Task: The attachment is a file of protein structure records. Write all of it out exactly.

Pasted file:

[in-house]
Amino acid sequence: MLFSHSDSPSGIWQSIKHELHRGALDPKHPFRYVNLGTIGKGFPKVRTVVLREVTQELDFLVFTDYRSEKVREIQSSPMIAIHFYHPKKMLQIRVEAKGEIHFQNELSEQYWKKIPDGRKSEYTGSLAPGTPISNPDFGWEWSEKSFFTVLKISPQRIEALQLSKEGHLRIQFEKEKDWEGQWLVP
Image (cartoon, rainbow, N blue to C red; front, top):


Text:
[in-house]
Amino acid sequence: MLFSHSDSPSGIWQSIKHELHRGALDPKHPFRYVNLGTIGKGFPKVRTVVLREVTQELDFLVFTDYRSEKVREIQSSPMIAIHFYHPKKMLQIRVEAKGEIHFQNELSEQYWKKIPDGRKSEYTGSLAPGTPISNPDFGWEWSEKSFFTVLKISPQRIEALQLSKEGHLRIQFEKEKDWEGQWLVP
Image (cartoon, rainbow, N blue to C red; front, top):